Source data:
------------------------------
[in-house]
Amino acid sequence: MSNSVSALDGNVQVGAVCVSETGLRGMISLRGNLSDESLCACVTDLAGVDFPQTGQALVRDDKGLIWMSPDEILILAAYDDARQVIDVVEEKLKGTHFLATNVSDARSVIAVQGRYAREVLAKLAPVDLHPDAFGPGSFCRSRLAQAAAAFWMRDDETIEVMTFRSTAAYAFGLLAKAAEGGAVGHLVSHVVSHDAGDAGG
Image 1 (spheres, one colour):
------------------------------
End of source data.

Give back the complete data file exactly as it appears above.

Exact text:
[in-house]
Amino acid sequence: MSNSVSALDGNVQVGAVCVSETGLRGMISLRGNLSDESLCACVTDLAGVDFPQTGQALVRDDKGLIWMSPDEILILAAYDDARQVIDVVEEKLKGTHFLATNVSDARSVIAVQGRYAREVLAKLAPVDLHPDAFGPGSFCRSRLAQAAAAFWMRDDETIEVMTFRSTAAYAFGLLAKAAEGGAVGHLVSHVVSHDAGDAGG
Image 1 (spheres, one colour):